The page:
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Please use this identifier to cite or link to this item: http://repository.li.mahidol.ac.th/dspace/handle/123456789/41998
Title: Characterization and tissue distribution of neuropeptide F in the eyestalk and brain of the male giant freshwater prawn, Macrobrachium rosenbergii
Authors: Sirorat Thongrod
Narin Changklungmoa
Piyachat Chansela
Tanapan Siangcham
Thanapong Kruangkum
Saowaros Suwansa-Ard
Jirawat Saetan
Morakot Sroyraya
Yotsawan Tinikul
Chaitip Wanichanon
Prasert Sobhon
Mahidol University
Burapha University
Phramongkutklao College of Medicine
University of the Sunshine Coast
Prince of Songkla University
Keywords: Biochemistry, Genetics and Molecular Biology
Issue Date: 1-Feb-2017
Citation: Cell and Tissue Research. Vol.367, No.2 (2017), 181-195
Abstract: © 2016, Springer-Verlag Berlin Heidelberg. We previously analyzed the central nervous system (CNS) transcriptome and found three isotypes of long neuropeptide F (MrNPF-I, −II, −III) and four isoforms of short NPF (sMrNPF) in the giant freshwater prawn, Macrobrachium rosenbergii. We now validate the complete sequences of the MrNPF-I and −II precursor proteins, which show high similarity (91–95 %) to NPFs of the penaeus shrimp (PsNPF). MrNPF-I and -II precursors share 71 % amino acid identity, whereas the mature 32-amino-acid MrNPF-I and 69-amino-acid MrNPF-II are identical, except for a 37-amino-acid insert within the middle part of the latter. Both mature MrNPFs are almost identical to PsNPF-I and −II except for four amino acids at the mid-region of the peptides. Reverse transcription plus the polymerase chain reaction revealed that transripts of MrNPF-I and -II were expressed in various parts of CNS including the eyestalk, brain and thoracic and abdominal ganglia, with the highest expression occurring in the brain and thoracic ganglia and with MrNPF-I showing five- to seven-fold higher expression than MrNPF-II. These peptides were also expressed in the midgut hindgut, and hepatopancreas, with MrNPF-I expression in the former two organs being at the same level as that in the brain and thoracic ganglia and about 4-fold higher than NPF-II. The expression of NPFs was also detected in the testes and spermatic duct but appeared much weaker in the latter. Other tissues that also expressed a considerable amount of NPF-I included the hematopoeitic tissue, heart and muscle. By immunohistochemistry, we detected MrNPFs in neurons of clusters 2, 3 and 4 and neuropils ME, MT and SG of the optic ganglia, neurons in cluster 6 and neuropils AMPN, PMPN, PT, PB and CB of the medial protocerebrum, neurons in clusters 9 and 11 and neurophils ON and OGTN of the deutocerebrum and neurons in clusters 14, 15 and 16 and neuropils TN and AnN of the tritocerebrum. Because of their high degree of conservation and strong and wide-spread expression in tissues other than CNS, we believe that, in addition to being a neuromodulator in controlling feeding, MrNPFs also play critical roles in tissue homeostasis. This should be further explored.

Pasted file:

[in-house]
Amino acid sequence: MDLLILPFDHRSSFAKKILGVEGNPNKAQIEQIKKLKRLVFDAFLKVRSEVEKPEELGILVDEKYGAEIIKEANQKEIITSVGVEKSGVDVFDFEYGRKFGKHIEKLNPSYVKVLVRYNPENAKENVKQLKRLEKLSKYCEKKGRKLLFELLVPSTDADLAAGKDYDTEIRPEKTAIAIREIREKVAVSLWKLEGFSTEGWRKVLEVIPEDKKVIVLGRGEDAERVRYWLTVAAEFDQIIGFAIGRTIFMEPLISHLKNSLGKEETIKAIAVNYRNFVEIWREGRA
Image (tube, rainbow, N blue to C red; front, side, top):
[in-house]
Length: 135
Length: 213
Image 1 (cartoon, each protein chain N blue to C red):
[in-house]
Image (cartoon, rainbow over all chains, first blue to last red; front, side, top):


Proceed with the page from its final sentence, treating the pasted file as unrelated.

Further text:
URI: https://www.scopus.com/inward/record.uri?partnerID=HzOxMe3b&scp=85004131196&origin=inward
http://repository.li.mahidol.ac.th/dspace/handle/123456789/41998
ISSN: 14320878
0302766X
Appears in Collections:Scopus 2016-2017

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